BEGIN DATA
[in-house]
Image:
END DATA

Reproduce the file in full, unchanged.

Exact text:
[in-house]
Image: